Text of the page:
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Old 04-13-2002, 05:08 PM
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JCE JCE is offline
Down to the Wear Bars
Join Date: May 1999
Location: So Kalifornia
Posts: 2,189
If you look at the EPA site, you will find that flammability is only ONE of the things EPA looks at in approving a refrigerant. Also, different refrigerants are approved for different purposes (marine, commercial chillers, etc.). Something not approved for one use is sometimes on a different approved list, as the hazards/pollution index/accident probability factors add up differently for different applications.

Also, nobody claims the EPA as the final authority on environmental issues (Some of their radiation regulations, for example, are ludicrous - coal burning power plants pump more long half life alpha and gamma radioactivity out their stacks than an n plant collects for burial. The n plant can't release anything, the coal plant is exempt! 50% of US power comes from coal, 17% from N plants. So which one is the environmental radiation source?) However, on refrigerants the EPA states their rulings are made solely on the basis of data PROVIDED BY THE MANUFACTURER, not by their own testing. The flammability, Hydrocarbon loss rates through non-barrier hoses designed for r12 only, the compressor life span effects, etc. are all from the refrigerant manufacturer, and therefore probably present a 'best case' estimate.

Finally, there is a large difference in flammability hazard between liguid gasoline and a hydrocarbon vapor under high pressure. Gasoline must be vaporized and mixed with air to explode, Hollywood notwithstanding. That vaporization must fall within a relatively narrow fuel/air ratio, otherwise it will be too lean or rich to explode. That vaporization occurs inside a nice safe metal cylinder head. Running tubing and connectors with highly pressurized hydrocarbons which may vaporize under the engine compartment is a different risk factor than relatively low pressure fuel lines from the fuel pump. A low pressure spray is less likely to produce an explosive air/fuel mixture than a high pressure refrigerant leak, which may have a lower flashpoint, greater volatility, and wider ignition temperature and fuel/air range than gasoline, as well as a different 'bang/cc' factor - it may have much more punch than gasoline! I have seen less than 1cc of toluene liquid produce a vapor mix in a fume hood accidently ignite from static electricity, despite safety use of safety cans and grounding straps. That 1 cc shattered the safety glass of the chemical fume hood sash, split the fume hood ducting, and was heard throughout the building.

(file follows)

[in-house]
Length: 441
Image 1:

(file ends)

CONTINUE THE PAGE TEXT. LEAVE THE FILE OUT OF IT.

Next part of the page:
Keep cool, but think safe.

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